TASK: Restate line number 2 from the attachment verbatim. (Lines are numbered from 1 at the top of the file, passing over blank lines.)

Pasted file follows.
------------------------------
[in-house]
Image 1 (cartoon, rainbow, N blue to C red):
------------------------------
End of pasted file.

Image 1 (cartoon, rainbow, N blue to C red):